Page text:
Even though replacing standard windows with those that meet the U.S. Environmental Protection Agency’s regulations will lower your energy bills by up to 15%, one Grand Rapids company has found a way to cut costs while keeping your windows exactly where they are.
John Slagter, president of Grand Rapid’s Mackinac Technology Co., was trying to focus on concerns his customers had over rising energy costs in their home. He was previously focused on developing a vacuum insulation panel that would be installed in walls, when his attention shifted to windows.
This was five years ago. Now Slagter is on his way to commercialize a new energy efficient product that can be easily installed on top of existing windows. These window covering panels are made from a durable polymer pane that feels like a plastic but bends to the touch, and can be custom fit onto any size window frame.
There are even multi-pane units that can increase insulation value and energy savings even more.
How it works is simple. As described in Midwestern Energy News, the transparent polymer panes are resistant to discoloration, and they reflect ultraviolet light entering a home from outdoors. They also have a high R-value, which is a value given to a material based on how well it holds warm and cool air within a building.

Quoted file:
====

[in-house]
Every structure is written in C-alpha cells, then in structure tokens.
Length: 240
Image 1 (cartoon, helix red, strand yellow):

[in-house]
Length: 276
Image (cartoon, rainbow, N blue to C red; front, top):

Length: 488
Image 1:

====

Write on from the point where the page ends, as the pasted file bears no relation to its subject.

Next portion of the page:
To put this in perspective, an R-value of styrofoam is five, and a thick six inches of fiberglass has an R-value of 13. One thin, single pane of Slagter’s invention can have an R-level of as high as 13.
Not only is this window pane becoming increasingly popular in both the residential and commercial construction sectors, the U.S. military is showing interest. Earlier this month, Slagter signed a $1 million dollar contract with the U.S. Army Corps of Engineersâ€™ Research and Development Center to develop a product for the U.S. Department of Defense’s facilities.